My science fiction story “The Llama’s Tale” was posted Sunday at Space Westerns’ Web site at http://www.spacewesterns.com/articles/45/. A one-sentence synopsis: Kella is sure she'll be chosen to be a rider for the prestigious Llama Express Service—until the training school pairs her with the aging, scruffy, flatulent, half-deaf llama Buddy.
If you have a moment, I’d be honored if you checked it out. The Space Westerns site charges you nothing to read the postings, and it contains many good cowboy stories set in outer space.
I thought it would be fun, after recent postings about “filling the well” here and at Steve Malley’s Full Throttle or F**k It, to briefly analyze the contributions of my well to this story.
Buddy the llama existed in real life. I did give him a species change (from horse to llama), but otherwise he is the same tired creature my sister, Renee, was assigned to when she took riding lessons.
The comment Kella’s brother Trivvy makes during the show is what my own little brother Vince—now far from little, as he delights in pointing out as he rests his elbow on my head—actually said during the graduation show when Renee finished her riding lessons.
The setting was inspired by the ABC television program “The Young Riders” (about Pony Express riders), which I watched faithfully from 1989 to 1992.
Kella is based partly on my sister. She wore such a horrified look during the horse show that I can still see it ~35 years later.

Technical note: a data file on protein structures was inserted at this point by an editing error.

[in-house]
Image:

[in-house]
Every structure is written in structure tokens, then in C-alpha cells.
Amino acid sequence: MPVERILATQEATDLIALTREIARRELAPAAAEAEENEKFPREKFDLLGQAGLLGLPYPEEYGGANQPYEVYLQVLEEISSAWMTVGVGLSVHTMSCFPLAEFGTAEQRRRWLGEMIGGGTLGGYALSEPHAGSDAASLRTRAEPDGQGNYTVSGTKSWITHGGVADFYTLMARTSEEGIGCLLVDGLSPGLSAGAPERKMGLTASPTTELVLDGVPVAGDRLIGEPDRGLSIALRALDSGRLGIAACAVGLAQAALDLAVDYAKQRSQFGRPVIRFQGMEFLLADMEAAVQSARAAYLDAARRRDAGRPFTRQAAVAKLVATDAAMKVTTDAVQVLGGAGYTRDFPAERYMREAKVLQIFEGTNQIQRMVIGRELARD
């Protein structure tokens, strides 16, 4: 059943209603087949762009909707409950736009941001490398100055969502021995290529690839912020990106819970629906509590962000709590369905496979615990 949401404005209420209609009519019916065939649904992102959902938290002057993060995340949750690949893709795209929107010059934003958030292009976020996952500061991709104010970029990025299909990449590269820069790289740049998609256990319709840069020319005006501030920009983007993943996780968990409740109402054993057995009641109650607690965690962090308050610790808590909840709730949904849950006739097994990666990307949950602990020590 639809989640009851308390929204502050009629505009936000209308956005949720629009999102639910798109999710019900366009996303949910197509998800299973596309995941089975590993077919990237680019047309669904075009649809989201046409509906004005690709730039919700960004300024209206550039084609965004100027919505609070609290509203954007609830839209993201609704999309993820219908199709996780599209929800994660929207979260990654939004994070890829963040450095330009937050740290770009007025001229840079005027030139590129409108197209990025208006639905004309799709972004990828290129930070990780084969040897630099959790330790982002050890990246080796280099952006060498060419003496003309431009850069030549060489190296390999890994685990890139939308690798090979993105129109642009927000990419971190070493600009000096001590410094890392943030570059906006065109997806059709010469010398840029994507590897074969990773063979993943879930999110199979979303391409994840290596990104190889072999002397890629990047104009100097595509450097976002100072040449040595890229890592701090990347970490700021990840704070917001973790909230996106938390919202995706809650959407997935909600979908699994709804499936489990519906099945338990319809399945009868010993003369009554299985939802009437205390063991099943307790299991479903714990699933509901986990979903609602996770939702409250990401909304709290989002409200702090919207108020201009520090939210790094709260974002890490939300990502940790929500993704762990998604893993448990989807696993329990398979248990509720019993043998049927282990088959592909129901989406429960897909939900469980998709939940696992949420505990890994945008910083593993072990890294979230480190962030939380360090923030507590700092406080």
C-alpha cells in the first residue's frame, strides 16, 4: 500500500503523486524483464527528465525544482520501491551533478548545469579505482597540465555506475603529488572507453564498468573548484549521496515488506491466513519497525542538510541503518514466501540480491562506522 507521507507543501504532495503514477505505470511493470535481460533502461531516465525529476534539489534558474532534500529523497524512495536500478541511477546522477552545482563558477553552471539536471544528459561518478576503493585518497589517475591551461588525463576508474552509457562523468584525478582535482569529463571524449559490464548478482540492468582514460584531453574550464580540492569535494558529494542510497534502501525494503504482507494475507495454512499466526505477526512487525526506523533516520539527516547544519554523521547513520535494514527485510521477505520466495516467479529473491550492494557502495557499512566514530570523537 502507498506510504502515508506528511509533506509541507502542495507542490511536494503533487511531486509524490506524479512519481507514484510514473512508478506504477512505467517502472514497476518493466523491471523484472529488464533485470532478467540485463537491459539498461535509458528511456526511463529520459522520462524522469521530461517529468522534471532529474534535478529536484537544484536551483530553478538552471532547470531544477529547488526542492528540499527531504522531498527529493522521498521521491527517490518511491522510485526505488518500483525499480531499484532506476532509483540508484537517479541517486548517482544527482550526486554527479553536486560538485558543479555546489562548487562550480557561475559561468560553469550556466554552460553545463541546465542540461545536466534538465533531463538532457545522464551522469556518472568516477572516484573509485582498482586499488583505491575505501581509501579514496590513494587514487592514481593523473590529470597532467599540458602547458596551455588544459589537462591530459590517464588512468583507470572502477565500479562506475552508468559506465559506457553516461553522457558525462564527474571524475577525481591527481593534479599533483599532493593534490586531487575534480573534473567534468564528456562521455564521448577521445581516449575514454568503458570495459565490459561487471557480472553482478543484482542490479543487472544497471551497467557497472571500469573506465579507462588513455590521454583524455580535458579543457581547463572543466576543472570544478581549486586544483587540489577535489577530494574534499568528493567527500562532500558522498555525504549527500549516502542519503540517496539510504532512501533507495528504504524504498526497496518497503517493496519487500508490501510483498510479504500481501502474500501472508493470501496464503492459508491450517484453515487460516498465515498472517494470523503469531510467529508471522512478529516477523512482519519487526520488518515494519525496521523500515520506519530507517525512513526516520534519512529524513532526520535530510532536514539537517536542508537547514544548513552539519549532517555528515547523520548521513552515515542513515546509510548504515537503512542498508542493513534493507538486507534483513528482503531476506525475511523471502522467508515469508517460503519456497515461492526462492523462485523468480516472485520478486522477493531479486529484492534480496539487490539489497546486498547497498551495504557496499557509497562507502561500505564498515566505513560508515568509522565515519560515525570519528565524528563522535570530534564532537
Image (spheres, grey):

Kella’s arrogance is based on mine as a teenager. School emphasized book smarts above all other qualities, and I bought it hook, line, and sinker. I thought that because I was smarter than other people, I was also better than them. (As in Kella’s case, life taught me otherwise.)
So how much did I drain my well? Buddy the horse is probably good for only one go-round, and the same for “The Young Riders” as inspiration.
On the other hand, some elements that went into “The Llama’s Tale” did not lower the level of my well. My brothers can still serve as models for little boys in other stories. And despite my efforts at self-improvement, I still can be arrogant and have many other flaws to draw on to flesh out characters; I don’t see that well running dry—not so good for me, but great for my fiction.
Well Depletion Score: –2
Odds and ends
- If you are a Jennifer Blake fan looking for the interview mentioned in Jennifer's February newsletter, please look at the post that follows this one.
- Today is “The Liar’s Diary Blog Day” in the blogosphere. Because first-time author Patry Francis is undergoing treatment for cancer and cannot promote the paperback release of her novel The Liar’s Diary, hundreds of bloggers today will do so for her. You can read about Patry Francis’ life with cancer at her blog Simply Wait. Her Website is at http://www.patryfrancis.com, and her book is available at Amazon. (Note: I have not read The Liar’s Diary, so this announcement is not a recommendation but rather a helping hand for a fellow writer in trouble.)
- Next week’s post will be an interview with debut author Therese Fowler. I have read her powerful novel Souvenir, and I believe you’ll find her interview fascinating and thought-provoking.